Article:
Unfortunately, I sometimes get really angry, especially when drivers shout at me that have endangered me before. Luckily that doesn’t happen too often.

  6. ksteinhoff says:

    I had a car come close to brushing my elbow the other day.

    It didn’t scare me so much as irritate me.

    Right after it passed me, it did an unsignaled right turn into a parking lot, so I followed it.

    When I saw it was an elderly woman, I backed up far enough that I wouldn’t intimidate her and waited for her to get out of the car.

    I gave her the “Mam, there’s a new state law in Florida that says vehicles have to allow three feet of space when passing bicycles. Your rearview mirror nearly clipped my elbow. You probably didn’t realize how close you came to me, but I’d really appreciate it if you could give me a little more space next time. I’d like to be around to watch my grandson grow up.”

    The woman had no clue what I was saying. She just looked right through me and shuffled off through the parking lot.

    That’s one of the hazards of living in what has been called God’s Waiting Room.

    You’re right, it’s cool when you are recognized. Here is an account of encountering my first Reader in the Wild.

  7. Cyclin Missy says:

    I think you did a great job confronting that guy in the car. Not mean but not watered down either. I respect that. It makes cyclists look good.

    I was actually hoping NOT to have interactions with people as I rode to work today. I didn’t see any other bikers – mostly busses. I pictured getting run off the road by a school bus and having a bunch of traumatized kids screaming at the driver that she had just killed someone on a bike. SO GLAD that didn’t really happen! So, I didn’t want to have to interact with a freaked out bus driver. lol

  8. Yep, I want to add my kudos to those of the group. You did the right thing speaking up, and you did it with a grace that I too seldom possess.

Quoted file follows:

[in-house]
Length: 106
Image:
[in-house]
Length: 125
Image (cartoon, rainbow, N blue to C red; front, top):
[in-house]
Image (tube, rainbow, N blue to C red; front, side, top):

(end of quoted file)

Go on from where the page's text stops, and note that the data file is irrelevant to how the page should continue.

I caught up a driver at a light recently, who had blitzed by me seconds before. The window was down, so I shouted “SLOW DOWN!!” just as I rolled past. The kid in the passenger seat nearly jumped out of her skin. The driver, on the other hand, barely glanced my direction.

    More often than not, I’ve found it far more productive to express my gratitude to drivers who are inclined to do the right thing than to confront the drivers who do not.

    • sarah says:

      Stupified Driver: “What was I supposed to do?”

      That is the most infuriating thing to me. As if they have a god given right to go 45 mph unimpeded and not till death or red light do they stop. There’s one intersection near my house that’s quite narrow and has frequent stop signs so I take up the whole lane and go on my usual speedy, merry way. But cars act like bikes in their lane is a personal affront. Stupified Driver: ” Look there is a bike in front of me, I must pull around them regardless of how fast they’re going or other traffic conditions.” So on this narrow, stop sign filled street they rev up and whip around me and a second later (ONE second) I pull up on their right and make my turn always thinking in my head “I hope you feel really good getting out from behind my exhaust fuming bike so that you could have that extra second to sit at the intersection. You’re so fast! That was totally worth it!”

      grumble, grumble, stupified drivers….

  9. Dottie,

    There’s a lot of rage on both sides of this issue. I’m sure you obey traffic laws but as you know, many cyclists routinely ignore them.

    Anyway, I’m not sure we want to fight it out at stop signs.

  10. Scott says:

    I think you did the right thing by saying something and keeping it polite with the driver. I do this all the time. I’m familiar with the deer in the headlights / “duh” response. They sometimes proceed straight to shouting profanity. I’ve had a few who insist that they did not pass me closely, and I am simply mistaken that the event in question occurred at all. But then there are those times where the driver apologizes, and these make a big difference in terms of being angry. I usually skip the part about the law, though. I just tell the driver he passed too closely and ask that he please be more careful.

  11. Doohickie says:

    I had one of those encounters where someone recognized me from the blog. Only we got to talk a bit. It was cool.